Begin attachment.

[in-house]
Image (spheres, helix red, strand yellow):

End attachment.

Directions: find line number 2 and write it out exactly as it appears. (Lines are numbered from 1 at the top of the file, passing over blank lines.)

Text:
Image (spheres, helix red, strand yellow):